“Yeah, we tried LinkedIn – but it didn’t work,” was the first response batted back at me when, as the newly appointed managing director of circulation at The Economist, I asked a room of regional marketers to share their social media successes.
To be fair, this was back in 2013, but LinkedIn had already been going for a decade and you’d think targeting people on a business-focused social network might be a useful addition to The Economist’s subscription marketing repertoire. To my dismay, the rest of the room nodded solemnly in shared acknowledgement that LinkedIn was a lost cause.
I had got the job of MD of circulation by articulating the need for a department restructure to drive digital growth. Hearing this (universal) dismissal of social media in the first team meeting on my first day in the job reinforced the need for radical change. And the restructure worked: within five years, circulation had become the biggest contributor of both revenue and profits across the Economist Group.
The turnaround in the fortunes of The Economist’s circulation business was entirely due to the support and hard work of the team I had inherited and how they embraced the restructure. Getting their buy-in wasn’t an obvious outcome and required a lot of detailed planning and a lot of communication.
With this in mind, I will cover two areas in this article: first, I will share the approach at The Economist’s circulation business; and second, I will make the case for absolute clarity of message when overseeing a restructure.
I should point out that in 2013, if circulation at The Economist had been a standalone business, it would have made multi-million-pound losses. For many years, the job of the circulation team had been to provide the audience that advertisers wanted to reach. But facing unprecedented declines in print advertising revenues as digital took off, multi-million-pound losses from circulation were unsustainable.
Combining four into one
I inherited four regional marketing teams and was scouting for talent and hunting for best practices to share. There wasn’t a talent deficit. At that meeting when we discussed LinkedIn, I was sharing a room with hard-working, experienced marketers all focusing on their region.
It was clear I needed specialist knowledge of digital marketing channels (we were still felling forests for direct mail back then). And that was the challenge: how do I pivot four regional teams into a single, combined and united global team that made best use of their talent and regional experience? Knowing that I would need to reorganise everyone while delivering some tough targets, one sage senior colleague advised: “You’ll have to live in your house whilst you rebuild it.” True, and all the more daunting for it.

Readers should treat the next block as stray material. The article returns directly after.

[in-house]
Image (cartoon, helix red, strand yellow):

Hiring generalists in marketing makes sense when you’re small or regional. A typical regional marketer in the noughties at The Economist might start the day analysing which lists to use in the next direct mail campaign, then move on to discussing the next out-of-home brand campaign with the agency over lunch, and end the day negotiating partnership deals. At a regional level, the breadth of their marketing knowledge was invaluable, but at a channel level, a lack of specialist experience was holding us back.
Reading this, Musk types might advocate firing the whole lot of them and hiring ready-made specialists. But they should take heed: I learned that bringing talented people along will accelerate change very effectively.
To gain the support of the CEO (and to get the job of MD), I had developed a clear vision for the future state of the business, including the desired outcomes and benefits of a restructure. It was equally critical to gain the buy-in of the team, the majority of whom I intended to retain, with some facing roles that they felt unqualified to do, some experiencing crises of confidence, and with everyone facing uncertainty.
To help us through it all, I followed some simple principles:
- Never fear over-communication: in my first month, I jumped on planes and hosted multiple town hall meetings, outlining the need for change and clearly articulating the commercial opportunity. When presenting the new departmental structure, questions flooded in, including some from visibly irked colleagues, but I took those on the chin. Town halls were followed up with multiple smaller team meetings so I could better manage expectations and to gain buy-in wherever and whenever possible.
- Deeply involve the top team whenever possible: no, it wasn’t a democracy: the broad vision was clear to me and I pushed hard to deliver it. But I did encourage feedback from anyone, and in particular sought out and incorporated ideas from my senior colleagues. I aimed to be as flexible as possible, without straying from the vision.
- Detailed planning: working closely with the HR team, we developed a plan that aligned changes and the timeline to the goals. Every team featured in the plan and skills (and flight risks) among employees were plotted thoughtfully. At the same time, we developed a talent “bench”, identifying the individuals who could pick things up if more senior folk chose not to accept their new responsibilities.